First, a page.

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GMAT Critical Reasoning: Evaluate the Conclusion

First, four GMAT CR practice questions of this genre.

1) The blue-tipped Puffer is a migratory bird that is found along the coast of this state in summer months.  The Puffers enjoy the seeds of Thomson’s Mulberry trees; because these trees are plenty in the state’s Coastal Park, traditionally many blue-tipped puffers would be found in the park during summer months.  Ten years ago, the grey fox was re-introduced into the park, and their number have been thriving.  Over that time, we have seen many fewer Puffers in the park during the summer months.  Clearly, the Puffers, sensing a potential predator in the fox, are choosing to spend their summers elsewhere.

Which of the following would be the most important to determine in order to evaluate the argument?

  1. What other birds and small mammals the grey fox typically hunts besides the blue-tipped Puffers.
  2. Whether the grey fox eats the fruit of the Thomson’s Mulberry trees.
  3. How the speed of a blue-tipped Puffer during take-off from the ground compares to the speed of a grey fox running
  4. Whether the range of the grey fox within the park extends all the way to the coast.
  5. Whether other coastal areas in the state have seen an increase in the number of blue-tipped Puffers over the last decade.

2) Traditionally, the foundations of houses were made of concrete.  A builder is experimenting with using a hard plastic polymer for foundations.  A foundation made with the polymer is about the same price to construct and install as is concrete foundation.  Unlike concrete, the polymer will not block all water flow and is not prone to cracking with age.   The builder argues that houses built with the polymer foundation will last longer.

Which of the following must be studied in order to evaluate the argument presented above?

  1. Whether repairs to polymer foundations are more expensive than repairs to concrete foundations.
  2. Whether soil acidity, to which all stone is resistant, can dissolve the polymer.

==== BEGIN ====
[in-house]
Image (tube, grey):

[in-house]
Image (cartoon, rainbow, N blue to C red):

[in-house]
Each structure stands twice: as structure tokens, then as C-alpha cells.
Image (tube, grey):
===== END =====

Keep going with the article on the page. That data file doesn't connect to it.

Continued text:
3. How dry the soil in this region becomes during typical summer droughts.
  4. Whether residents will be able to smell the vapors that outgas from the polymer.
  5. Whether consumers seeking to buy a house will trust a house with an alternate foundation.

3) Algorpal Industries produces high quality pneumatic filters.  For years, they have primarily served manufacturers of domestic agricultural equipment, and over time, this market has been decreasing.  A consultant recommended that, with a minor modification, Algorpal could expand into pneumatic filters for biomedical research technology, a rapidly expanding market.   The consultant argued that this single change could reverse a ten-year decline in Algorpal’s profits.

Which of the following would be the most useful to establish in evaluating the consultant’s recommendation?

  1. Whether other markets, such as food processing and food service, would offer greater opportunities for potential profits.
  2. Whether the number of biomedical devices at any single research center is greater than the number of pieces of equipment requiring filters on a single farm.
  3. How the ambient indoor air quality in a biomedical research center compares to the typical outdoor air quality in an agricultural zone.
  4. Whether the competition in the biomedical technology sector would allow for profits similar to what those in the agricultural sector had been
  5. Whether countries with expanding agricultural sectors would use farm equipment similarly to the domestic equipment current served by Algorpal.

4) The cafeteria of a certain elementary school provides a free lunch every day to the entire student body — a significant expense in the school’s annual budget.  A vice principal was exploring cost-reducing measures that would not compromise nourishment.  A local Italian restaurant offered the school a large number of pizzas at a vastly reduced bulk rate.  The pizzas were served one day, and afterward, the vice principal calculated that the cost of the pizza and delivery was slightly more than the average cost of typical cafeteria lunch day.  Therefore, he concluded that the school could not save money by replacing a day of cafeteria lunch with a day of pizza from this restaurant.